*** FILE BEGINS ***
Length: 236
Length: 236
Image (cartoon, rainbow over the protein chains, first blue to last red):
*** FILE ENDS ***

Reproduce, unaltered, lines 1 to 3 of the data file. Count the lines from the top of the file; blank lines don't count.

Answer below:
Length: 236
Length: 236
Image (cartoon, rainbow over the protein chains, first blue to last red):